Netflix UK film review: TAU
Ivan Radford | On 29, Jun 2018
Director: Federico D’Alessandro
Cast: Maika Monroe, Ed Skrein, Gary Oldman
Watch TAU online in the UK: Netflix UK
Legend has it that there is a curse that plagues Hollywood. A tiny, golden hex that falls upon any actor blessed enough to be praised for their performance on a sunny March evening, a jinx that dooms them to follow their acclaimed film with an immediate, embarrassing, ear-scrapingly bad movie. We speak, of course, of The Dreaded Oscar Curse. Previous victims include Eddie Murphy (Norbit) and Eddie Redmayne (Jupiter Ascending). So when word came of Gary Oldman following his Oscar-winning portrayal of Winston Churchill in Darkest Hour with a thriller in which he voices an evil house, you can understand why some might be wary of TAU.
TAU is the name of the sentient AI software that controls said home, which belongs to scientist Alex (Ed Skrein). In an attempt to perfect TAU’s programming, Alex is using a string of human lab rats to develop the software, plugging transplants in their necks and making them feel fear, before giving them lots of puzzles to solve. It’s a premise that’s immediately muddled, as Alex’s motivations switch from The Maze Runner to Nintendo’s Brain Training; we’re never entirely exactly what he’s trying to achieve with these subjects, other than the fact that he has an important meeting with investors coming up and needs to impress them with the finished product. (Nothing says tension like a board meeting with some financiers.)
Into this scenario stumbles Julia (Maika Monroe), a thief who is snatched off the streets for testing. She, understandably, doesn’t take kindly to be imprisoned, and starts to plot a way to escape. A technologically advanced Home Alone, complete with robotic booby traps? A domesticated Chappie? Federico D’Alessandro’s film, which was snapped up by Netflix last year, has “high concept” written all over it. Unfortunately, it doesn’t have it written anywhere inside the script, which takes its solid gold premise – Gary Oldman voices an evil house – and fails to do anything with it.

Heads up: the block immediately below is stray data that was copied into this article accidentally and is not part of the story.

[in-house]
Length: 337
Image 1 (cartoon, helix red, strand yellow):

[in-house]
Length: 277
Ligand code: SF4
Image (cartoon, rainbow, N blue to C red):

After The Guest and It Follows, Maika Monroe does ruthless in the face of fear exceptionally well, bringing some emotional weight to her escape. That weight mostly stems from the notion that rather than overpower her captor, she must befriend it. The film’s best scenes involve her teaching TAU about the outside world, which he’s cut off from, as he asks about everything from cavemen to the sky with a childlike curiosity. While Oldman’s voice is as expressive, sympathetic and human as ever, though, even he can’t redeem Noga Landau’s screenplay. The odd clunking line of dialogue isn’t the problem, but the script’s inability to develop its idea; over 90 minutes, TAU manages to avoid making any pertinent observations about our attachment to tech, our reliance on computers or even the boundary between man and machine.
D’Alessandro, making his directorial debut after a lot of work on Marvel projects, has fun with blue and red lighting, and finds some creepily clinical touches in an army of small drones used to execute the home’s security and cleaning protocols. Indeed, the slick production design is the main reason to boot TAU up, from the lethal weapon at the home’s heart to the 2001-plus appearance of TAU’s red-eyed enigma. But with Skrein struggling to make his two-dimensional villain intriguing, and the potential for tense set pieces squandered by the largely repetitive sight of Julia sneaking around the living room without achieving very much, TAU winds up disappointingly lacking in menace or wit. A little more of either and this could have been a fun cousin to Cube or a brother to Ex Machina. As it is, TAU is something more tragic than a victim of The Dreaded Oscar Curse: it’s a wasted opportunity.
TAU is available on Netflix UK, as part of an £9.99 monthly subscription.